- vi|sionW2S3 [ˈvıʒən] n[Date: 1200-1300; : Old French; Origin: Latin visio, from visus, past participle of videre 'to see']1.) [U]ability to see= ↑sight▪ She suffered temporary loss of vision after being struck on the head.▪ Tears blurred her vision (=made it difficult for her to see) .good/normal/poor etc vision▪ children who are born with poor visiontwenty-twenty/20-20 vision(=the ability to see perfectly)night vision(=the ability to see when it is dark)2.) [U]the area that you can see▪ a figure at the edge of her visionsb's field/line of vision(=the area someone is able to see without turning their head)▪ As the cars overtake you, they are temporarily outside your field of vision.3.)an idea of what you think something should be likevision of▪ He had a clear vision of how he hoped the company would develop.vision for▪ The President outlined his vision for the future.grand/powerful/original etc vision▪ a grand vision for the country4.) have visions of sthif you have visions of something happening, especially something bad, you imagine it happening▪ I had visions of the kids getting lost and getting abducted by some weirdo.5.)something that you seem to see as part of a powerful religious experience▪ She had a vision in which Jesus appeared before her.in a vision▪ He became a monk after seeing Saint Apollinaris in a vision.6.) [U]the knowledge and imagination that are needed in planning for the future with a clear purpose▪ We need a leader with vision and strong principles.▪ his enthusiasm and breadth of vision7.) a vision of beauty/loveliness etcliterary someone who is very beautiful8.) [U]the quality of a picture that you can see on a television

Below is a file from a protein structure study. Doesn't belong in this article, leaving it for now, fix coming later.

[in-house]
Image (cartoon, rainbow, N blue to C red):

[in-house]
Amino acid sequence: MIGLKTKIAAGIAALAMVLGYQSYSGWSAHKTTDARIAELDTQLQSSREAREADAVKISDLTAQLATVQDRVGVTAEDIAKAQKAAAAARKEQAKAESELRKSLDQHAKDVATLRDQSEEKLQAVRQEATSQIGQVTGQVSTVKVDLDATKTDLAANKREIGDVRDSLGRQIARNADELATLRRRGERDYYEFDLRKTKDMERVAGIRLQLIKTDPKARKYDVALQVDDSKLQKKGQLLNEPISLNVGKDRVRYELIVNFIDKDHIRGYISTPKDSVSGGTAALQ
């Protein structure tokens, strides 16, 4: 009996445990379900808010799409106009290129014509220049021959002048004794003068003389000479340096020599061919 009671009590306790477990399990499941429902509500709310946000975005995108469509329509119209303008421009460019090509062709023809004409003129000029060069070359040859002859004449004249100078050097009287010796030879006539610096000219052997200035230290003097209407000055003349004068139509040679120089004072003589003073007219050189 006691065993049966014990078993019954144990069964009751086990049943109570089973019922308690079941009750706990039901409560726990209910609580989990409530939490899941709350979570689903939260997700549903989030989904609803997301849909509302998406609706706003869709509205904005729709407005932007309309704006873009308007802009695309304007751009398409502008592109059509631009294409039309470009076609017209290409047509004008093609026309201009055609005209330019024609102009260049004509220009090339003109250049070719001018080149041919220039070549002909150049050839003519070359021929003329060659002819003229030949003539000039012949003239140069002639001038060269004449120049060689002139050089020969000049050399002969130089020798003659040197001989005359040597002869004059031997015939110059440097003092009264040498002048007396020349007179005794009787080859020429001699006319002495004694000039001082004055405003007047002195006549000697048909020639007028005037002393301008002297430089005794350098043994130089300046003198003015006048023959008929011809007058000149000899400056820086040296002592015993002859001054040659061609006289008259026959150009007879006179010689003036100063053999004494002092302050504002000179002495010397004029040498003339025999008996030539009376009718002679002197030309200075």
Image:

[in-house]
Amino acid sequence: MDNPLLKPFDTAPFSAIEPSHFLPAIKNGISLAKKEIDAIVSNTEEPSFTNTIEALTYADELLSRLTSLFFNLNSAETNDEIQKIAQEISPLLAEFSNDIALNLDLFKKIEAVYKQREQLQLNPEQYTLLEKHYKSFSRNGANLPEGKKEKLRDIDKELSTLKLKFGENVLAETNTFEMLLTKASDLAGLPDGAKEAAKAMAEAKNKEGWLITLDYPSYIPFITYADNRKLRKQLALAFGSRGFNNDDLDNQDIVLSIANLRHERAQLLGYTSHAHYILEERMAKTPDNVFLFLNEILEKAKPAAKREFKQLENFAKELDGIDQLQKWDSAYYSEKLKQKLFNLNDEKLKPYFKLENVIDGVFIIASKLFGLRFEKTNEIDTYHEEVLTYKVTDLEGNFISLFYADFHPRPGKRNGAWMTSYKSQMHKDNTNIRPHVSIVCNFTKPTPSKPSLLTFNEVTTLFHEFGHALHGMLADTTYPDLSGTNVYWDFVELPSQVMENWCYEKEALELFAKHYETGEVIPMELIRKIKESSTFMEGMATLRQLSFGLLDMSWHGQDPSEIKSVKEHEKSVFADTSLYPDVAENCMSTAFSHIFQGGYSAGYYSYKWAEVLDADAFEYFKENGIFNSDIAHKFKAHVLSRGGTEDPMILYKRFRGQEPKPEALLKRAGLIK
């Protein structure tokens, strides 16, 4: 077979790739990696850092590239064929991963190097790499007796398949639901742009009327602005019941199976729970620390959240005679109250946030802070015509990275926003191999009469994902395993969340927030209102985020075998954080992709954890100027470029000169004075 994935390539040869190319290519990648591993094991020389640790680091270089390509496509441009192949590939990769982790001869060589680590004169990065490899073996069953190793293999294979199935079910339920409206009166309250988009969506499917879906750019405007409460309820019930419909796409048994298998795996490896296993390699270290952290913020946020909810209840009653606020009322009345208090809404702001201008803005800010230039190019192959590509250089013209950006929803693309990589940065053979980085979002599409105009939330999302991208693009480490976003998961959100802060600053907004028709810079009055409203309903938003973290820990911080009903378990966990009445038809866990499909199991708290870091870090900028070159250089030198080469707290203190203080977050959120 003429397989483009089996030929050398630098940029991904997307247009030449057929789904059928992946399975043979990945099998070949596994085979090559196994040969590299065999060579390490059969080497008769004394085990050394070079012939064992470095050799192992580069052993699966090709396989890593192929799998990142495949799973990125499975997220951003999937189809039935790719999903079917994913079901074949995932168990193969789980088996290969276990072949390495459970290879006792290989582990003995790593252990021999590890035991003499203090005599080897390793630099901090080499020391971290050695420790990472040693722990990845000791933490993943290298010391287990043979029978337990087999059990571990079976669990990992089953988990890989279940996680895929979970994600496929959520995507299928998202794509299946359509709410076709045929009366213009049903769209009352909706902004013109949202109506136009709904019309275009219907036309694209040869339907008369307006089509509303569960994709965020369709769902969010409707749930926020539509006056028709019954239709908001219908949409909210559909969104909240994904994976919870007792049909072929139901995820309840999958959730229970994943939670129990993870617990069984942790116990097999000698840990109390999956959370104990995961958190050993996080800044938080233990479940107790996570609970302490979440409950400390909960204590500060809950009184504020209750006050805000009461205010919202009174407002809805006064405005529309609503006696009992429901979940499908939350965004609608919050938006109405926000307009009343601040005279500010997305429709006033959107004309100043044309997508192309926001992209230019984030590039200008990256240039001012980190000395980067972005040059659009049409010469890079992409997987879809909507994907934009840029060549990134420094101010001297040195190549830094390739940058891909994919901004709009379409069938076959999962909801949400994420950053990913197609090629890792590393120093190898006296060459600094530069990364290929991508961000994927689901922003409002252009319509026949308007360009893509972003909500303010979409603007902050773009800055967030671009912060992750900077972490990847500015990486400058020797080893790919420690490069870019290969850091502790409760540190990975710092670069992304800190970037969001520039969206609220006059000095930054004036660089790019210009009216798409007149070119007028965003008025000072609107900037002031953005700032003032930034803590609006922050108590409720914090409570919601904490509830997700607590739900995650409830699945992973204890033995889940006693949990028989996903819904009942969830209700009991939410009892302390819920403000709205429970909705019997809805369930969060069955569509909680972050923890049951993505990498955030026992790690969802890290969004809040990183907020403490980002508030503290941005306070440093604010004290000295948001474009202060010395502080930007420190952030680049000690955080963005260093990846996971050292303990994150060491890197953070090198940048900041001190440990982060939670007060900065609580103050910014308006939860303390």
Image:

Dictionary of contemporary English. 2013.